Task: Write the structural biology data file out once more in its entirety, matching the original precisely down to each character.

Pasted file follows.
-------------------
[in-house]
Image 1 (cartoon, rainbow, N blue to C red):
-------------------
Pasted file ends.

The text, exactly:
[in-house]
Image 1 (cartoon, rainbow, N blue to C red):